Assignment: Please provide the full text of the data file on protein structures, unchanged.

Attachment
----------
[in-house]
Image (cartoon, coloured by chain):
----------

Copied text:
[in-house]
Image (cartoon, coloured by chain):